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Sunday September 22, 2024 - 21:00 to 22:00

Room: TBD

P.166 Outcomes of kidney transplantation in older recipients: Is age just a number?

Vikrant Thakur, United Kingdom

Senior Clinical Fellow
Department of Surgery
Manchester Royal Infirmary


Outcomes of kidney transplantation in older recipients: Is age just a number?

Vikrant Thakur1, Muhammad Abdullah1, Shiv Bhutani1, David van Dellen1, Zia Moinuddin1, Titus Augustine1, Raman Dhanda1.

1Department Of Transplant Surgery, Manchester Royal Infirmary, Manchester, United Kingdom

Introduction: Increased patient survival  and technological advances in renal replacement therapy, have resulted in patients over 70 years of age forming a significant cohort of patients listed for kidney transplantation. The study aims to analyse recipient profiles and clinical outcomes after kidney transplantation in recipients over the age of 70 in a single centre and compare it to recipients under 70 years as reported in literature.
Methods: We performed a single centre retrospective analysis reviewing kidney transplant recipients aged ≥70 years between February 2013 and Feb 2023, across a spectrum of clinical characteristics and transplant outcomes. Data was analysed using SPSS.
Results: Total of 2580 transplants were done at Manchester Royal Infirmary during this period.The over 70 cohort, comprised of 256 patients. Of this group 249 (97.3%) underwent kidney transplant alone, 6 (2.3%) SIK and one a dual kidney transplant. Donors for this cohort included 120 DBD donors, 103 DCD donors and 33 living donors. The mean age of recipients was 73.8 years(SD+/-2 yr7mon) with oldest recipient being 81.5yrs. One third of the cohort (n=86) were pre-emptively transplanted. The BMI was 27.9 (19-39)kg/m2. Diabetes Mellitus (16%), hypertension (14.5%) and glomerulonephritis (12.5%) were the most common primary diseases causing ESRD.  Postoperatively 12 patients (4.7%) required re-exploration within 7 days for various indications.  84 patients (32%) had delayed graft function. Five patients (1.9%) had primary non function. Eighty-two recipients (32%) were admitted within 1 year of transplant, with UTI (n=27) being most common cause, followed by decreased renal function (n=13) and CMV viremia (n=6). 24 (9.3% ) patients died within 1 year of transplant. Twenty patients (7.8%) had graft loss within 1 year of transplant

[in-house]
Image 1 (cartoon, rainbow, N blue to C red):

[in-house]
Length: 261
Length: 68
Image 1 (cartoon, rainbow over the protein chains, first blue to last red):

Conclusion: This single centre 10-year analysis demonstrates that readmission ,primary non function  and graft survival rates in recipients over 70 years of age are comparable to transplantation in recipients below the age of 70. To the best of our knowledge this is one of the largest experiences with transplanting the over 70s in the UK. Detailed long-term evaluation of the cohort will be required to assess overall survival and quality of life benefits post-transplant. This will help in better risk stratification and patient selection for transplantation in this cohort. 

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